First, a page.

Caravan is an immersive theatre show, a kind of a dance cabaret with a light narrative structure and plenty of audience participation. There's a house band playing a background score crossing multiple genres, perhaps with a sentimental theme. In style, the show feels like a mix of perhaps the 50s and more contemporary moods. Jazz and hip hop.
The Cavern, another long, forbidding VAULT space, has horrendous acoustics, which butchers the music. And when the needlessly over-amplified music lingers around as if between uncomfortable and unconvincing, the immersion is quickly lost. The playing is all right, but it just doesn't work in the space.
Fortunately the band contributes to the show also with a brief drama segment, a little banter that becomes a scene — almost the best acting in the whole show.
Caravan is a bar, a 360 degree experience — if you are in the middle of the action. Benches and little tables line the narrow space, with the bar proper on one end. On this stage we see and supposedly experience the show.
There's a promise of a drink at the door, before the show. It proves to be a tepid juice of some kind, maybe with an undetectable shot of some spirits somewhere. This more or less summarises my overall experience of the show.
Caravan is a sequence of unremarkable dance numbers, or perhaps more broadly coordinated movement, with each of the staff members having their little turn on the stage. Like taking a broadway musical ensemble, with most of the singing cut out, but dancing and odourless segue drama kept in. Like a particularly annoying soap opera, a daytime TV episode.
A paper thin show, void of subtlety, supposedly on the themes of alcoholism, the immigrant experience, stress, and similar social woes. Big themes more or less just trotted on stage, and off again. Low point of the show proved to be the hysterical screaming (recall the horrendous acoustics) of the proprietor-matriarch, when her staff got on her nerves.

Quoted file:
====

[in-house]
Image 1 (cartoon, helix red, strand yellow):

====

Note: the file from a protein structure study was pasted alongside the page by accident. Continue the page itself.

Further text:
The staff is quite diverse, to say the least, but the characters have no depth, no soul. There was an attempt at emotion in the drama segues, but it never took off. The Drunk couldn't find real emotion even in the middle of the clumsy, underwhelming movement, simultaneously over- and under-rehearsed struggle for the bottle.
All through the show, some unfortunate audience members coaxed to join in on the thin action. We were all invited to dance in the end. More awkward than immersive, though in fairness, I wasn't on the dancing mood to begin with. Lacking the atmosphere to pull you along.
I'm noticing a bit of a trend here, with some of these immersive shows. Going out of your way to involve the audience in the "fun", inevitably makes the show itself lose its focus. The shows reduce into "it's just like a party, really", a strange pseudo-performance that doesn't know what it's trying to say. Result being a vacuous, perplexing romp.
When the lights went off in the beginning, I got my hopes up for a spectacle that never appeared.
Of all the bars in the world, Caravan is probably not worth your patronage. Very little to see here. Best let the Caravan go on past you, and let the dogs bark, too.